Marrying a prince is the dream, right? Certainly that's what Disney -- not to mention the countless fairy tales before that -- has sold young girls for decades.
So why is it that a recent Reuters poll of British women suggests otherwise?
Asked how much they envied Prince William's fiancee [Kate Middleton], 86 percent of women polled by YouGov said they did not feel jealous at all, according to a Reuters story.
"The main reason why most women did not want to swap fortunes with Middleton was her perceived inability to lead a normal life after she and the second in line to the British throne tie the knot on April 29, said MyDaily.co.uk, a women's Web site that commissioned the poll.
"'Most women realize Catherine has an unenviable task ahead of her, having her every move, not to mention every outfit, picked apart by the press,' said Carla Bevan, editor-in-chief of MyDaily.co.uk. 'The public clearly feel it's going to be no fairy tale for Kate.'"
My, how things have changed.
I don't have the poll numbers to prove it, but my suspicion is that considerably more than 14 percent of British women envied Diana Spencer when she married Prince Charles nearly 30 years ago on July 29, 1981. Their fairy-tale wedding captured the attention and hearts of millions worldwide. Then again, that was a different era, when the press was more forgiving and respectful of royalty and celebrity.
Once upon a time there was an understanding between well-known public figures and those who covered them for a living in newspapers, radio, and television about what was and was not off limits for public consumption. That buffer usually included the family -- especially children -- and most anything that wasn't a public appearance. Decades ago Hollywood studios kept close guard over their stars and made sure the press, though not always accurate in their reporting, was respectful to the actors and stayed away from covering controversies including extramarital affairs and alcohol and drug binges.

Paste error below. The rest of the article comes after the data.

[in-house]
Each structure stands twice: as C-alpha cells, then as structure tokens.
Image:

The same wink-wink policy applied to politicians as well.
President Franklin D. Roosevelt, who suffered from paralysis from the waist down after an illness in his late 30s, made sure the press never photographed or filmed him in a wheelchair. Is that even thinkable now?
Despite all the glamour and fortune that walks hand-in-hand with celebrity, those elite perks are often overshadowed by the oft-ignored downsides: A pitiless tabloid press, for one. This persistent, unscrupulous lot subsists on the mistakes and misfortunes of the rich and famous -- and often naive -- selling a photograph of an actress without makeup while running errands, for example, or writing about an actor's wild night out according to people who were in the bar with him.
That got me to thinking on a recent morning of errands. While wearing sweat pants, a goofy T-shirt, and ball cap, I imagined, briefly, what it would be like if photographers were following me, snapping away less-than-glamorous photos of me in my Saturday worst, as I shopped for household products like paper towels and toothpaste. How would I react? Even worse, living in such a fish bowl for years, decades, possibly the rest of my life -- what kind of mental toll would that take on me and my family? Is being famous really worth the price of forfeiting normalcy? I don't think so.
A majority of British women seem to agree. They remember what being a beloved celebrity got Princess Diana: killed in a car accident while being chased by a legion of paparazzi.
Perhaps their dream of being famous died along with her.
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